Chiara, 15, walked into our family room after a socially distanced bike ride with a friend and wisely observed that just a couple of months ago wearing a mask seemed like such a burden, an unusual discomfort, but now it’s completely normal and not really a big deal at all. That was perfect timing on her part because I, too, had been pondering the ways we humans are able to adapt to challenging or different circumstances with relative ease (unless we’re just stubborn), and isn’t that a marvelous and miraculous thing.
I think a lot of people are realizing that truth and registering it on different levels. With regularity I see funny memes and cartoons go by on social media that all drive home the same sort of point: If, in 2015, someone had asked you where you would see yourself in five years, you never would have guessed it would be here, in the middle of a pandemic, wearing a mask, carrying hand sanitizer as if it were a talisman, isolating from friends and family. But here we are, and, for the most part, we’re doing OK, if we’re fortunate enough to remain healthy.
Think back to when all of this started in mid-March. When I left my office, I figured I’d be back in a few weeks, a month or two at most. I didn’t imagine we’d be heading into the next school year still uncertain about how everything was going to work and whether any of it is a good idea. We are in uncharted waters every single day, treading water when we have to, swimming frantically when the situation calls for it, and every now and then sinking back and floating with ease, but always trying to just keep our head above the surface and carrying on.
It’s not easy, but for those of us with a deep faith and a regular prayer life, it’s a little easier, I think. We feel less alone because we are connected to something so much greater than ourselves on a daily, constant basis. As we go through our days, we are very much aware of life’s uncertainty, now more than ever, and of the need to accept what’s been put in front of us and to surrender control, at least a little bit, to stay sane and centered.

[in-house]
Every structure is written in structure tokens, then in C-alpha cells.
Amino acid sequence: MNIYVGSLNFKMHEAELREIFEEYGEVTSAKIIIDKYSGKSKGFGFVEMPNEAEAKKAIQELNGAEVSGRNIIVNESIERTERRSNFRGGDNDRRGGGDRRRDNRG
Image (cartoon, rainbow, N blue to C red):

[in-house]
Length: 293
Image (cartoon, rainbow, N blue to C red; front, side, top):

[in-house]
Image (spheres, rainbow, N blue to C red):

I look at my three children — each of them confronted with hurdles that had to be overcome during this pandemic as internships were lost, study abroad was canceled and gymnastics, once a daily staple, became a distant dream. And yet they have accepted, adapted and surrendered in the best sense of the word, the spiritual sense. They are moving forward, not completely sure where they’re going or where they’ll end up but trusting that forward is the only way to go. And that is the essence of faith. We don’t know —we can’t know—what’s coming (even when we think we do), but we have to keep moving forward. Accepting, trusting, adapting, surrendering to wherever God leads us, even if it wasn’t on our radar screen.
In one of his most famous prayers—one that’s worth keeping close at hand—famed Trappist monk Thomas Merton wrote: “My Lord God, I have no idea where I am going. I do not see the road ahead of me. I cannot know for certain where it will end. Nor do I really know myself, and the fact that I think I am following Your will does not mean that I am actually doing so. But I believe that the desire to please You does in fact please You…Therefore I will trust You always though I may seem to be lost in the shadow of death. I will not fear, for You are ever with me, and You will never leave me to face my perils alone.”
Accept. Adapt. Surrender. Trust.